I caught the largest fish Ive ever landed on that trip. It was a huge pike. As fishing stories go, the thing gets bigger in my mind every time I think of that fish. I know this. We had 6 or 7 guys in our crew and we all ate off that pike that night. This is the same trip I scarred my foot. My lure got fouled on some rocks about 20 feet from shore. Since the water is so clear, I could see the lure. I decided to put on my trunks and swim out to untangle my line. Before my father could speak the words of warning, I was down to my shorts and in the water. Not only had I shed my clothes, but my hiking boots too. The rocks in the boundary water lakes are unglaciated. This means unworn and sharp. I thought I had just stubbed my foot on the way out to the lure. Once back on shore, I found a deep L-shaped gash on my right foot that probably should have had stitches if there would have been an ER within 250 miles. We butter-flied it shut the best we could and thankfully it didnt get infected. Thats alright scars, like my stew, are reminders of adventures you have lived. I would examine that scar as I slipped into my sleeping bag later tonight some 25 years later.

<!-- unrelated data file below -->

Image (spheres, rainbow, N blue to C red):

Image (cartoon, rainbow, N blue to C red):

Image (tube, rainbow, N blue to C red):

Finally as I finished my stew, my thoughts turned to the people that I have known through camping and those who knew me. There was Dorothy Molter the Rootbeer Lady on an island in Minnesota. She lived out there by herself and sold homemade root beer and packs of spare leaders and hooks to any of the canoeists that came her way. I read on the internet that she had passed away. No surprise, she was well on in years when I was 15. Some society dismantled her cabin and moved it to a museum outside of Ely. You can still order a 6-pack of her root beer online if the mood strikes you, but I doubt it tastes as good as it did on her island oasis.